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Curtain Options

Size

Stage curtains, like clothes, have to be the correct size or they just don’t look their best. We have a page that details how to measure for curtains, but chances are, we have a professional dealer near you who can come measure your stage and ensure everything fits just right. Give us a call if you need any assistance or if you would like one of our professional local dealers to visit. Most don’t charge any fees to take measurements.

Top Hem

太阳城3注册The top hem is reinforced by a continuous piece of webbing and grommeted every 12” with a heavy duty #3 steel grommet. Grommets have a durable non-reflective matte black finish.

For curtains to be attached to stationary battens a 30” piece of black tie line is provided in each grommet. If the top will be exposed to audience view we offer “hidden grommets & ties” so the curtain covers the batten.

Curtains intended to be attached to tracks are provided with 1-1/2” self closing bit snaps or, optionally, 1” self closing flush harness snaps. We generally recommend against S-hooks.

太阳城3注册Other grommet spacing and attachment hardware can be provided upon request.

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Fullness

Fullness is how much extra fabric is sewn into the curtain and is achieved by making pleats. Typically, 50% fullness is sufficient although we recommend 75% or more for Grand Drapes and Valance. The extra fabric not only makes a theater curtain look more luxurious, but it also helps deaden stage noises and blocks bright back lighting, which is typical when the curtain opens to a fully lit stage.

Bottom Hem

太阳城3注册Our standard bottom hems are a 3” or 5” flat hem, a 6” hem with chain weight, a 6” hem with a reinforced pipe pocket, a 6” hem with a pipe flap, or a 6” hem with chain weight and pipe pocket. Chain weight is encased in a muslin pocket hung 1” above the bottom of the curtain to prevent excessive wear. Pipe pockets are lined with heavy weight muslin. Most any other hem can be accommodated.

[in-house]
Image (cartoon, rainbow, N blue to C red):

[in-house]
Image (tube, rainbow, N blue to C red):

Lining

Lining is useful when the audience may see the back side of the drape – for instance, in companies that do “stage door” theatre whereby the Grand Drape is closed and the audience is seated onstage in a Black Box fashion. Lining can also be desirable in venues with significant lighting demands, in which excessive light spilling onto the back of the drape is unavoidable. Lining can also make the curtain have a slightly nicer movement to it and helps to deaden noise. However, in most cases, lining of theatrical drapes is unnecessary and in many cases even undesirable. For the typical non-professional venue the innate opacity of BellaTEX’s theatrical velours are more than sufficient to stop light spills without showing on the face side. The additional weight of the lining requires larger capacity tracks and heavier duty support rigging. Unless the curtain is motorized or runs on a counterweight system, the extra weight can make smooth operation difficult. If you’re unsure about lining, talk it over with a BellaTEX representative. They can help you determine whether or not the added costs are going to pay off in added benefit.

FR Test Swatch

The Test Swatch is an extra piece of fabric stitched to the back side of the curtain. It is typically sewn in under the jute and the offstage side hem. This fabric is from the exact same lot as the face fabric and because it is stitched in at manufacturing, will be the same age and have been exposed to the same environmental elements. Curtains need to be periodically re-checked to verify they meet NFPA flame resistant standards. This is a destructive test and requires a sample from the curtain. This test swatch provides a suitable place to take that sample without damage to the actual curtain. The Test Swatch also provides